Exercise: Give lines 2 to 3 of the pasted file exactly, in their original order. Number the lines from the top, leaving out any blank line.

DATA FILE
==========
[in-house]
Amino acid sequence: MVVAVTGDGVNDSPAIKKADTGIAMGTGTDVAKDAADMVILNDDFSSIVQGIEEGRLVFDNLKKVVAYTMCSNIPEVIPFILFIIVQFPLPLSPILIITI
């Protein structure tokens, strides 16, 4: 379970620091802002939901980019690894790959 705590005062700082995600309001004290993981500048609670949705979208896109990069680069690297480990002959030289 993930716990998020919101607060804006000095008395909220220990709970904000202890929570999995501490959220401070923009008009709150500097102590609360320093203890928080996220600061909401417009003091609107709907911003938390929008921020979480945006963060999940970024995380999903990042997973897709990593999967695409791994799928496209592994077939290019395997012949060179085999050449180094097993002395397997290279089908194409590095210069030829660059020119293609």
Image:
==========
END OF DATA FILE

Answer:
Amino acid sequence: MVVAVTGDGVNDSPAIKKADTGIAMGTGTDVAKDAADMVILNDDFSSIVQGIEEGRLVFDNLKKVVAYTMCSNIPEVIPFILFIIVQFPLPLSPILIITI
């Protein structure tokens, strides 16, 4: 379970620091802002939901980019690894790959 705590005062700082995600309001004290993981500048609670949705979208896109990069680069690297480990002959030289 993930716990998020919101607060804006000095008395909220220990709970904000202890929570999995501490959220401070923009008009709150500097102590609360320093203890928080996220600061909401417009003091609107709907911003938390929008921020979480945006963060999940970024995380999903990042997973897709990593999967695409791994799928496209592994077939290019395997012949060179085999050449180094097993002395397997290279089908194409590095210069030829660059020119293609």